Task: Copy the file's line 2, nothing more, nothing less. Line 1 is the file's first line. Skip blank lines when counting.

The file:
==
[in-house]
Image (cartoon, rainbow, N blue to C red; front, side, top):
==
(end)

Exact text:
Image (cartoon, rainbow, N blue to C red; front, side, top):